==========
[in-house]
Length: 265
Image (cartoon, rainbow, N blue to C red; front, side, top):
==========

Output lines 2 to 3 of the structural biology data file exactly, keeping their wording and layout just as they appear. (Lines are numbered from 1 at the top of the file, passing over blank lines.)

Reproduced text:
Length: 265
Image (cartoon, rainbow, N blue to C red; front, side, top):